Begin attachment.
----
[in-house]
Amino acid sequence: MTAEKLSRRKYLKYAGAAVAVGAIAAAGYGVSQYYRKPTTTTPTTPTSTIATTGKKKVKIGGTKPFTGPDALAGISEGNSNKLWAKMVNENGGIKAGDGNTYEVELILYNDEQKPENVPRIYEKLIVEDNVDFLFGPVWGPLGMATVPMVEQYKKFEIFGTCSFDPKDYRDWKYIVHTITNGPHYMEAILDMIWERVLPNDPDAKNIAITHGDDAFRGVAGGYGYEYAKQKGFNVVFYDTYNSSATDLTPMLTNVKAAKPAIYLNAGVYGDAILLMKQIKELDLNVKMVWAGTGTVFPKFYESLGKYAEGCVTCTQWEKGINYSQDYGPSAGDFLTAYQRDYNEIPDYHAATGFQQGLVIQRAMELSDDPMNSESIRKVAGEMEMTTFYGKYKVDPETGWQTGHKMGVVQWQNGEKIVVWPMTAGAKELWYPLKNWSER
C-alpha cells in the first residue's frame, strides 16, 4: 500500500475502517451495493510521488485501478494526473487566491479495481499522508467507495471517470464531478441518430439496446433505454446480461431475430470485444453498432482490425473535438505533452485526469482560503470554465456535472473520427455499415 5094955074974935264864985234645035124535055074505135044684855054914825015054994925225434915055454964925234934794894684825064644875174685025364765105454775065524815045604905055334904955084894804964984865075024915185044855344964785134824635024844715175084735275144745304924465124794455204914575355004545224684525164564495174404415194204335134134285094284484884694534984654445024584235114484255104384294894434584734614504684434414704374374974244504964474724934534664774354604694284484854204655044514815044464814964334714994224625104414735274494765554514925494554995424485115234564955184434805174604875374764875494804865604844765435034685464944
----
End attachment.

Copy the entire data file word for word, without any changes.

[in-house]
Amino acid sequence: MTAEKLSRRKYLKYAGAAVAVGAIAAAGYGVSQYYRKPTTTTPTTPTSTIATTGKKKVKIGGTKPFTGPDALAGISEGNSNKLWAKMVNENGGIKAGDGNTYEVELILYNDEQKPENVPRIYEKLIVEDNVDFLFGPVWGPLGMATVPMVEQYKKFEIFGTCSFDPKDYRDWKYIVHTITNGPHYMEAILDMIWERVLPNDPDAKNIAITHGDDAFRGVAGGYGYEYAKQKGFNVVFYDTYNSSATDLTPMLTNVKAAKPAIYLNAGVYGDAILLMKQIKELDLNVKMVWAGTGTVFPKFYESLGKYAEGCVTCTQWEKGINYSQDYGPSAGDFLTAYQRDYNEIPDYHAATGFQQGLVIQRAMELSDDPMNSESIRKVAGEMEMTTFYGKYKVDPETGWQTGHKMGVVQWQNGEKIVVWPMTAGAKELWYPLKNWSER
C-alpha cells in the first residue's frame, strides 16, 4: 500500500475502517451495493510521488485501478494526473487566491479495481499522508467507495471517470464531478441518430439496446433505454446480461431475430470485444453498432482490425473535438505533452485526469482560503470554465456535472473520427455499415 5094955074974935264864985234645035124535055074505135044684855054914825015054994925225434915055454964925234934794894684825064644875174685025364765105454775065524815045604905055334904955084894804964984865075024915185044855344964785134824635024844715175084735275144745304924465124794455204914575355004545224684525164564495174404415194204335134134285094284484884694534984654445024584235114484255104384294894434584734614504684434414704374374974244504964474724934534664774354604694284484854204655044514815044464814964334714994224625104414735274494765554514925494554995424485115234564955184434805174604875374764875494804865604844765435034685464944